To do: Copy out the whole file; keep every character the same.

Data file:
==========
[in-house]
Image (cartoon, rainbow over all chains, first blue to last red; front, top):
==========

[in-house]
Image (cartoon, rainbow over all chains, first blue to last red; front, top):